JP Morgan CEO Jamie Dimon in front of a US Senate hearing in june 2012 (Photo: Reuters)
JPMorgan is facing a Financial Services Authority investigation into whether any rules were broken after the infamous 'London Whale' trader lost the bank $6.2bn in bad bets.
The FSA confirmed in an statement that it is liaising with US regulators to conduct a "formal enforcement investigation" into the trading losses, since the bad credit derivatives bets were conducted in the bank's Chief Investment Office in London. The second-largest US bank was also ordered to overhaul its risk management systems, control and practices by domestic regulators.
"Conclusions will be reached in the enforcement investigation in due course and any further appropriate action determined at that time," the regulator adds.
In tandem, the US Department of Justice and the Securities and Exchange Commission are conducting their own investigations to determine any wrong-doing.
A trader called Bruno Iksil, who reportedly dealt in huge volumes, earned himself the nickname "the London whale" - which echoes gambling terminology that refers to a "whale" being a leviathan gambler who frequently bets monumental amounts of money.
Since May 2012, JPMorgan has always referred to Iksil's credit derivative bets as legal losses.
Initially, the bank estimated $2-3bn worth of losses but the number has since risen to $6.2bn in total.
Meanwhile, the New York Federal Reserve Bank and the Office of the Comptroller of the Currency ordered JPMorgan to strengthen its risk management and auditing controls, after the London Whale loss provided a keystone example of excessive risk limits.
In June last year, Jamie Dimon and other JPMorgan senior executives faced a grilling by US lawmakers over the bank's systems and controls and what could have led to such a large trading loss.
Dimon admitted that "there was a material weakness in our internal control over financial reporting at March 31, 2012 related to CIO's internal controls over valuation of the synthetic credit portfolio."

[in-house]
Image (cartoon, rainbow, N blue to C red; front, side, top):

He added in a call with investors a month later that "you can see throughout the whole crisis that we still managed to grow. We are not proud of this moment but we are proud of the company. We have learned a lot and this has shaken the company to the core."
However, after a nine-month investigation, the OCC issued a cease and desist order for JP Morgan for deficiencies in the banks' overall program for Bank Secrecy Act / Anti-Money Laundering compliance.
"The OCC found that the bank's BSA compliance program had critical deficiencies with respect to suspicious activity reporting, monitoring transactions, conducting customer due diligence and risk assessment, and implementing adequate systems of internal controls and independent testing. These findings resulted in violations by the bank of statutory and regulatory requirements to maintain an adequate BSA compliance program, file suspicious activity reports, and conduct appropriate due diligence on business and commercial banking customers," it said in a statement.
At the same time, the Federal Reserve also faulted JPMorgan's management and modeling of risks, as well as its auditing functions and the process for communicating problems to the board of directors.
"The first order requires JP Morgan Chase to take corrective action to continue ongoing enhancements to its risk-management program and its finance and internal audit functions, particularly in regard to JPMC's CIO," said the Board of Governors in a Federal Reserve System statement.
"The Board's order follows the disclosure of significant losses in a large synthetic credit portfolio that was managed by the CIO. The second order requires JPMC to take corrective action to enhance its program for compliance with the Bank Secrecy Act and other anti-money laundering requirements at JPMC's various subsidiaries."
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